Reduce Your Stress

Posted on | April 15, 2010 | No Comments

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In a recent blog I talked about mindfulness and the benefits of cultivating the practice of being in the present moment. April is National Stress Awareness Month and a perfect time to start to look at the effects of mindfulness on stress.

A recent study by the American Psychological Association revealed 75 percent of adults experiencing moderate to high levels of stress in the previous month, and nearly half reported that their stress has increased in the previous year. Yet only half of participants said that they are doing enough to manage their stress.

Not managing stress has significant associated costs:

  • Stress can kill. The American Medical Association reports that stress is the cause of 80 percent to 85 percent of all human illness and disease or at the very least had a detrimental effect on our health.
  • Every week, 95 million Americans suffer some kind of stress-related symptom for which they take medication.
  • American businesses lose an estimated $200 billion to $300 billion dollars per year to stress-related productivity loss and other related costs.

One of the ways we create our own stress is by allowing our minds to dominate our lives. Have you ever noticed where your mind spends most of its time?? For most of us, it’s in the past (ruminating over something that is done) or imagining future scenarios that may or may not ever occur. We worry about what has happened or what will happen.

We are constantly concerned about how we will accomplish the millions of tasks we have in front of us. Our mind keeps reminding us of all we need to do to be successful, to achieve, to be “better,” to obtain. Our mind is a tyrant!

When we are focused on the past or on the future we miss what is happening now. The practice of mindfulness is a way to train your mind to stay in the present moment. As you grow in your ability to remain in the present you will start to notice less stress and more enjoyment. And you will be living your life as it happens!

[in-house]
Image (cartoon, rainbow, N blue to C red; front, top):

If this is all new to you, I don’t expect you to take my word for it. It’s something you need to decide whether you want to try—and if you try it, see what you find. If it works, great; if not, feel free to go on to try something else. No matter what, I encourage you to find your way to manage your stress and to begin to understand that you can live a less stress-filled life.

Here’s a simple experiment that Jon Kabat-Zinn gives:

Take a raisin and place it in your hand.

Don’t eat it.

Just look at it. Pretend you are an alien and have never seen this odd object. Look at it with curiosity, carefully and slowly. Take your time! Notice what it looks like, feels like, and smells like. Turn it over and look more closely at it. Do this for a minute or two.

Now place it in your mouth but don’t chew it. Notice in great detail what happens. What are the sensations? Tastes? Smells? What does it feel like in your mouth? What is your body doing in response? Notice your thoughts as well.

Now, with attention, bite the raisin. And again notice how it feels, tastes, smells and what your reactions are.

When you are finished, take a moment and reflect on the experience. What did you notice?? When you stay mindful what happens?

This little experiment reveals to us that if we slow down and stay present to the moment we are in, there is great richness to each moment. These are moments that we have been missing until now.
Today, and just for today if you like, try taking three minutes out of your day to sit quietly and put your attention on something. It might be a picture on the wall, a tree, or flower, your dog, or something on your desk. It can be anything. Simply allow yourself to breathe deeply and bring your attention to whatever you choose. See if you can just be with the attention. You will undoubtedly notice your brain reminding you that you have things to do, or telling you that this is silly. That’s fine. That’s what our minds do. Just gently bring your attention back to the object and to your breath. See what happens.

If you find that interesting, you can expand this practice to make it longer or try it a few times a day. You will begin to get some benefits from breaking the habitual patterns of your day and thoughts, and you will start to see how your mind has control of you. In fact, you can take back control of your mind. This is just the beginning.

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